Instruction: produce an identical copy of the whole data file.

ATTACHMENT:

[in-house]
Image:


[in-house]
Image: